In The Cultured Club (Countryman Press, 2016) by Dearbhla Reynolds, readers will find fermentation techniques as well as recipes for sauerkrauts, kimchi, vegetable and fruit ferments, dairy and nut milk ferments and more. Dive into the unique and flavorful recipes and find something for everyone. This excerpt is located in “Vegetable Ferments.”I thought it was worth investing in a cheap-ish ice cream maker for the sake of getting it right for my two ice cream-loving children. But what if you don’t have an ice cream maker? It can still be done. Like everything worthwhile, it just takes a little bit longer.
- 2 eggs
- 1/2 cup raw honey
- 2 cups milk kefir (See below), yogurt, or buttermilk
- 1 cup cultured cream (See below)
- 2 teaspoons vanilla extract
If your palate is new to fermented and cultured foods, kefir can take a little getting used to. The tang and the tart taste are strong on a tongue more accustomed to sweet, but it can develop into a taste that is soothing and enjoyable. Makes 1 x 1-quart jar
- 4 tablespoons milk kefir grains (See note below)
- 4 cups whole raw milk
Where can I buy kefir grains and water kefir grains?
Kefir grains are available to buy online from sites such as www.kombuchakamp.com. However, getting some surplus from a seasoned brewer who is bound to have an abundance is a much nicer way of sharing. Try sites like kefirhood.com or link up with fermentation groups on social media.
It’s possible to ferment cream with kefir grains. The process is just as easy as making kefir with milk, but be prepared for a rather thick product after 24 hours of culturing and a little bit of extra time to pass it through a sieve to collect your kefir grains again. One bonus is that the subsequent batch of kefir made with these grains will be extra lush. To save yourself the hassle, though, you can simply add some ready-to-go fermented kefir to your cream and allow it to work its magic for you. Makes 1 x 1/2-pint jar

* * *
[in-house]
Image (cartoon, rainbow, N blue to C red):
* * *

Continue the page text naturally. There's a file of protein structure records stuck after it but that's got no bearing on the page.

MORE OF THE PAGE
- 1 cup full-fat cream
- 1 tablespoon milk kefir (See above)
- Beat the eggs together well, then beat in the honey. Blend in the kefir, cultured cream, and vanilla.
- Taste the mix, keeping in mind that the finished ice cream will be slightly less sweet than the kefir mixture before it’s frozen, and add more sweetener if necessary.
- Transfer to an ice cream maker and freeze according to the manufacturer’s instructions. (For me, that means adding the mixture to the pre-frozen bowl of the machine while it’s running and letting it churn for 20 to 25 minutes.)
- If you don’t have an ice cream maker, pour the ice cream mixture into a plastic bowl and put it in the freezer for about two hours, until frozen.
- Remove from the freezer and allow to soften slightly, then break it up and put it in your blender. Blend until creamy, but not too long or it will melt.
- You just want to break up the ice crystals that are beginning to form.
- Place it back in the freezer for another two hours to firm up again, then blend again. The ice cream should be thick. Return it to the freezer one last time to firm up, then enjoy.
- Alternatively, if you don’t have a blender either, you can check the ice cream every 45 minutes, and as it starts to freeze near the edges, remove it from the freezer and stir vigorously to break up those ice crystals.
- You are the churn that is otherwise part of an ice cream machine!
- Return it to the freezer and continue to check it every 30 minutes (you might need to set an alarm for this step to help you remember), stirring vigorously every time it’s starting to freeze.
- Repeat this step every 30 minutes about three more times. You’ll deserve your ice cream by then!
- Put the kefir grains in a clean 1-quart jar and fill almost to the top with the milk.
- Cover with a clean cloth and set aside on your kitchen counter for one to two days, stirring periodically with a wooden spoon—this is particularly important, as metal appears to damage the cultures.
- After 24 to 48 hours (the most favorable culturing time), strain out the kefir grains with a plastic strainer set over a jug.
- The grains are then popped back into a clean jar with some new milk and the process continues.
- In the jug you now have your milk kefir, which you can enjoy as is or in a variety of ways, both sweet and savory.
- Mix the cream with the milk kefir in a clean 1/2-pint jar and allow to culture for 12 to 24 hours at room temperature.
- When it’s done, transfer to the fridge, where it will keep for one month.